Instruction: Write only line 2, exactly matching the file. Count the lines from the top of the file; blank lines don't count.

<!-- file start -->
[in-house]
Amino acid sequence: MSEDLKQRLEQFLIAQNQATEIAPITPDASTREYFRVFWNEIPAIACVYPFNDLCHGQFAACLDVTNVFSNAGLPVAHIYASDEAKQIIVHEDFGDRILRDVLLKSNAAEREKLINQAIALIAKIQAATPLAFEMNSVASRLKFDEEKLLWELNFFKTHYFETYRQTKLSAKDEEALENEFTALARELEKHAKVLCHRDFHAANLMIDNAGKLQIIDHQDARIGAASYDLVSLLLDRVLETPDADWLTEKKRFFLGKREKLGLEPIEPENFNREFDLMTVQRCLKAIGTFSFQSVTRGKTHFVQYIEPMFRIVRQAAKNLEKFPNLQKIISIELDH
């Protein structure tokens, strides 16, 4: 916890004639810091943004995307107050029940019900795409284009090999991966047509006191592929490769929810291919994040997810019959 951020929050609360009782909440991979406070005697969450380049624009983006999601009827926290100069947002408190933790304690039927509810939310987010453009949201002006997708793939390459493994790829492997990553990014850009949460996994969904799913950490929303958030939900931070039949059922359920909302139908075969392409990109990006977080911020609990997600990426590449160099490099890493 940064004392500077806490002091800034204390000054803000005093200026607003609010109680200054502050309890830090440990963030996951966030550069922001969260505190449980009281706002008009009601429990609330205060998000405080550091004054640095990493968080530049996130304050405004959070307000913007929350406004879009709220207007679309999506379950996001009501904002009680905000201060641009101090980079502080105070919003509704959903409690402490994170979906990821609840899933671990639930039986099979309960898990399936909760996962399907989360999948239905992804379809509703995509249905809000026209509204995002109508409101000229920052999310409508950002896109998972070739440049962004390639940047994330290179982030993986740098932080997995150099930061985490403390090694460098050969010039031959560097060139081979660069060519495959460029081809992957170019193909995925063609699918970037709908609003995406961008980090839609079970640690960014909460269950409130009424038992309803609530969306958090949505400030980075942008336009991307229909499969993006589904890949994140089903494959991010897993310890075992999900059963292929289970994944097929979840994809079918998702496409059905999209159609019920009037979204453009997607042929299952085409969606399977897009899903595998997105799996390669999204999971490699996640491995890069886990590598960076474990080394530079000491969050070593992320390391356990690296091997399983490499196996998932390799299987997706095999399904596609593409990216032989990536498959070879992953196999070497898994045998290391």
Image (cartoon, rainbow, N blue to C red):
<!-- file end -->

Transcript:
Amino acid sequence: MSEDLKQRLEQFLIAQNQATEIAPITPDASTREYFRVFWNEIPAIACVYPFNDLCHGQFAACLDVTNVFSNAGLPVAHIYASDEAKQIIVHEDFGDRILRDVLLKSNAAEREKLINQAIALIAKIQAATPLAFEMNSVASRLKFDEEKLLWELNFFKTHYFETYRQTKLSAKDEEALENEFTALARELEKHAKVLCHRDFHAANLMIDNAGKLQIIDHQDARIGAASYDLVSLLLDRVLETPDADWLTEKKRFFLGKREKLGLEPIEPENFNREFDLMTVQRCLKAIGTFSFQSVTRGKTHFVQYIEPMFRIVRQAAKNLEKFPNLQKIISIELDH